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How to Take Out Student Loans Without Your Parents

Without access to your parents’ financial information, you can still take out both federal and private student loans.
Nov. 21, 2018
Loans, Student Loans
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Getting a student loan without access to your parents’ financial information or credit history may be difficult, but it’s not impossible.

If you’re an independent student and have a good credit score, then you can borrow federal direct loans and you’ll also have multiple private lenders to choose from. However, if you’re still technically dependent on your parents and don’t have credit history, your choices are more limited.

» MORE: Compare student loan options for bad or no credit

No matter your situation, start by filling out the Free Application for Federal Student Aid, known as the FAFSA, and applying for federal student loans. They’re preferred over private loans due to their low interest rates, varied repayment options and loan forgiveness opportunities.

Here’s how you can get a student loan without your parents.

Take out a federal student loan as an independent student

You don’t need any parent information to apply for federal student loans if you’re an independent student. You’ll also have higher federal loan limits. You can borrow up to $57,000 in total federal student loans as an independent student, rather than $31,000 as a dependent student.

You don’t need any parent information to apply for federal student loans if you’re an independent student.

The answers you provide on the FAFSA determine your dependency status. If you answer “Yes” to at least one of the dependency questions on the application, you are considered independent.

However, you won’t be considered independent just because your parents won’t help with the process. If you answer “No” to all of the dependency questions on the FAFSA, then you’re considered a dependent student, whether your parents will provide their information or not.

Pursue unsubsidized loans without your parents’ information

If you’re considered dependent and don’t have one or both of your parents’ information, you can still apply for federal student loans. You have two possible routes:

  1. Get a dependency override. If you provide documentation to the U.S. Department of Education to prove you should be considered an independent student, you could get a dependency override. Approvals are made on a case-by-case basis and will apply only to students with unusual circumstances, such as an abusive family environment or parental abandonment.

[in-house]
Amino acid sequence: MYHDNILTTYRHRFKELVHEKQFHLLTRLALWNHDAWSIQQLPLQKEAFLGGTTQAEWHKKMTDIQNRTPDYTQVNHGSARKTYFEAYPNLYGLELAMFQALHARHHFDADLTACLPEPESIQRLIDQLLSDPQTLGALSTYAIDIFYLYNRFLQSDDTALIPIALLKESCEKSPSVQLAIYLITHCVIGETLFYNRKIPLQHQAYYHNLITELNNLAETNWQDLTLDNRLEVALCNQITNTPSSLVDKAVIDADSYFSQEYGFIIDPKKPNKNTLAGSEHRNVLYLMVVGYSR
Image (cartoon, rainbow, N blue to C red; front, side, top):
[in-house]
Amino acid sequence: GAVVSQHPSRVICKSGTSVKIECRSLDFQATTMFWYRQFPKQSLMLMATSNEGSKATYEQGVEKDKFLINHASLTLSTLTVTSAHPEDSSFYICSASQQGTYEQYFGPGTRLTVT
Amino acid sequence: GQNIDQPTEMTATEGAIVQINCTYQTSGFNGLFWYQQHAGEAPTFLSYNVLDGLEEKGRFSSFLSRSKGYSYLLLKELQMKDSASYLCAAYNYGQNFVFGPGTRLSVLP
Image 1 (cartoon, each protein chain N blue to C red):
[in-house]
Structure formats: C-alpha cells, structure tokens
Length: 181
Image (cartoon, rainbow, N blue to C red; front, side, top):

2. Apply for aid without your parents. If you don’t qualify for a dependency override but your parents are unwilling to share their information, choose the following option on the FAFSA: “I am unable to provide information about my parent(s).” You then must select the option that indicates you don’t have a special circumstance but can’t provide parent information.

Without your parents’ information, you won’t get an Expected Family Contribution, which usually determines your aid. You will be able to take out an unsubsidized federal loan only, if any loan at all. Your college’s financial aid office will decide whether to lend to you. Contact your school to discuss taking out an unsubsidized loan.

Find another relative or friend to co-sign a private loan

If you need a private student loan to fill a college payment gap, but your parents are unable to co-sign, consider asking a relative or close friend to do so.

Choose a co-signer who can qualify. That means they need a credit score in the upper 600s or higher and a steady income. Make sure your co-signer understands he or she will be required to pay your student loan debt if you can’t.

If you need a private student loan to fill a college payment gap, but your parents are unable to co-sign, consider asking a relative or close friend to do so.

Private student loans, even with a co-signer, are more expensive than federal student loans because they carry higher interest rates.

» MORE: Private student loans you can get with a co-signer

Find private student loans that don’t require credit or a co-signer

If you have no co-signer and no credit, but still need a private student loan, look into student loans without a co-signer. Typically, these lenders will consider your future income potential instead of your credit history when deciding whether to approve your application.

» MORE: How to get a student loan with bad credit

Private loans for independent students will carry higher interest rates than both federal loans and private loans with a co-signer. Compare offers from multiple lenders to get the best rate.

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